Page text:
Winslow...brings his sharp interpretive skills to Virgil’s Aeneid, and makes the events at Troy and the founding of Rome into a riveting gangster tale. He makes me wonder why I had never before seen the Trojan War as the obvious fight between rival criminal gangs ... In City of Fire, he returns to his New England roots for this new classic he says took him decades to write ... Winslow is a master of pacing. Action and erotic sequences fire the adrenaline, while tender scenes feel languid and warm. He shades the relationship between men and women in noir tones. Tough guys don’t always get their way. Noir women are wicked smart, and press their advantages against how men’s low assumptions of women make them weak ... Winslow has been lauded for the ways that his previous crime novels confront social issues. He has interrogated the ways that borders work between us, that we’re weak at the border when we build insurmountable walls to shore them up. One that runs under the surface of Winslow’s novel is that it’s not just the faults of individuals that cause these men to fail. But here, rigid definitions of who gets to belong in 'our thing' create fatal weaknesses among them. The refusal to think outside their constricted notions of masculinity and honor hobbles them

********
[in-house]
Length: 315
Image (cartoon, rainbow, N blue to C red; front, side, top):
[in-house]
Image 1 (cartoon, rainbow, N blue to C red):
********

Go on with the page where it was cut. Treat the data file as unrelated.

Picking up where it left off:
Combustible ... City of Fire, with its large cast of memorable characters and low-key allusions to classical literature, maintains Mr. Winslow’s well-earned place in these ranks. The book displays earthy eroticism, rough ethnic humor and a cyclical worldview as old as Ecclesiastes.
As he did in the Cartel trilogy, Winslow adeptly manages the comings and goings of a large cast of characters. Notable is his treatment of women in the novel, which gives them more depth than is usually the case in mobster-driven genre fiction while honoring their mythological roots ... may be a rough read for those who are offended by violent characters who hurl racist and homophobic slurs and F-bombs. Their variety and frequency in the novel reinforce that these are not kings and princes at war, but gangsters whose motto 'One hand dirties the other' guides their epic battles, murderous plots and corruption ... By the end of this well crafted, troubling epic, enough people are left standing to offer hope of a future for these deeply flawed families. That, plus a hint that Danny Ryan is heading to a 'warmer shore,' should lure readers to the next installment of what’s shaping up as Winslow’s next juggernaut of a modern-day epic.